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Disability Employment: The Chronic Crisis

  • Posted on December 16, 2013 at 10:00 AM

In November 2013, 68.6% of Americans without disabilities participated in the workforce. Only 19.6% of Americans with disabilities participated in the workforce. Of the 68.6% of Americans without disabilities who participated in the workforce, 6.4% of them were unemployed. Of the 19.6% of Americans with disabilities who participated in the workforce, 12.3% of them were unemployed. This isn’t a lingering effect of the recession. This is a chronic problem that has gone on for years.

If it were any other American minority group, there would be public outcry and a demand for action. Unfortunately, people with disabilities don’t warrant that much attention from the general public. Despite the persistent prejudice against people with disabilities:

  • People with disabilities are employable.
  • People with disabilities can make substantial contributions as part of our workforce.
  • There is no excuse for these discrepancies.

I’m not going to dwell on this. The numbers speak for themselves. But I will return later this week with more information.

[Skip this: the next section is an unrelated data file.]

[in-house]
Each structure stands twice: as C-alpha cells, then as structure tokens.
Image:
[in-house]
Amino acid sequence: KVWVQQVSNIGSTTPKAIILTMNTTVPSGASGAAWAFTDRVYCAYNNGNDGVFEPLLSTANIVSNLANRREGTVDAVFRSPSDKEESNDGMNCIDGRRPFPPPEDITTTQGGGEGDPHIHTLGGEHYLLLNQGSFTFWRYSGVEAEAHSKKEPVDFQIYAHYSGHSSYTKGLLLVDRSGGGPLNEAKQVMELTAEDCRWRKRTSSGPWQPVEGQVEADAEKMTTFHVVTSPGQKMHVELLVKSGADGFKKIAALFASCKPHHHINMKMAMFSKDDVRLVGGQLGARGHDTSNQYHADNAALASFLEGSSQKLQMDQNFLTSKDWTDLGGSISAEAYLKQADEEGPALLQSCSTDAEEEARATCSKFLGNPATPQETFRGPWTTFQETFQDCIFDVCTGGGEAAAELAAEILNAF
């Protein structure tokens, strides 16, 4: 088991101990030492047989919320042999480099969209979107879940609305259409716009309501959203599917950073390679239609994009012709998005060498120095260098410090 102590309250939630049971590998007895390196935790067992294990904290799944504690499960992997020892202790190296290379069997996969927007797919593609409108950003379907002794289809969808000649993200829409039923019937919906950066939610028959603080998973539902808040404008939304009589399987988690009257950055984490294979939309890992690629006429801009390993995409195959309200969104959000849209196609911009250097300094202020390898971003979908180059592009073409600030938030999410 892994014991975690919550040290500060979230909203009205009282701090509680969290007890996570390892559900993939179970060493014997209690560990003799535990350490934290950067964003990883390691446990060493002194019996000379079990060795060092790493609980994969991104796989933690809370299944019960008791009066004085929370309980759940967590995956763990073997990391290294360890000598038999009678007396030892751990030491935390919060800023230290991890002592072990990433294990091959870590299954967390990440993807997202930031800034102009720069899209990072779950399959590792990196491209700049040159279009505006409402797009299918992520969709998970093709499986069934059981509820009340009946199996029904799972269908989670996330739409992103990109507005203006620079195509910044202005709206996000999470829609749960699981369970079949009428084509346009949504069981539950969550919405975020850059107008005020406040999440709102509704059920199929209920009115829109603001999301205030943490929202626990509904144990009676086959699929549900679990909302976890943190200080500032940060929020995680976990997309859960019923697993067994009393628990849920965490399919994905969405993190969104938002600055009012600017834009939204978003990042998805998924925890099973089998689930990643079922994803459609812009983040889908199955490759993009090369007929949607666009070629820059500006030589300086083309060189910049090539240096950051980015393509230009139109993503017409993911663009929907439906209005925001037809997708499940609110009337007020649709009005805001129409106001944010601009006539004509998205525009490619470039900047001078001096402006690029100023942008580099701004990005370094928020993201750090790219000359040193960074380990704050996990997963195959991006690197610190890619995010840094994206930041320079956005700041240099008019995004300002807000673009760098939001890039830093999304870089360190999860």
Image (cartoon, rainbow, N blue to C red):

Thoughts on Labor

  • Posted on August 30, 2013 at 10:00 AM

Today starts the celebration of Labor Day (by which we mean Labor Weekend) in our little city. There is an abundance of fun, family-friendly activities which we will probably avoid in their entirety. The surprising thing is that most of them are going to be free!

It seems ironic to celebrate Labor Day in a city with abundant labor and far too few jobs. It’s even more ironic for me to celebrate Labor Day when the right to work is still a right reserved. It’s reserved for fully-able, fully-functioning adults with far too few exceptions. A lot of people with disabilities—even mild disabilities that require no overt accommodations—are finding it especially difficult to find work in this difficult economy.

When I think about it, I just can’t find a reason to celebrate. Labor Day doesn’t celebrate people like my husband, who chooses not to work outside the home or even for pay inside the home. Labor Day doesn’t celebrate people like me, who freelance and compete in an international market that drives my earnings down and down and down. Labor Day doesn’t celebrate many of my friends, who want to work but aren’t given the chance to.

So, what’s to celebrate? The power of the unions? Bah humbug! Their power is waning anyway and I for one am glad to see it go. If only the unions would loosen their strangle hold on my community a little more, maybe we could turn this economy around.

So I’m opting out. Indefinitely. Until the right to work is more than words on paper, until a person’s disabilities aren’t a hindrance to gainful employment, well then…I’ll be working my way through Labor Day.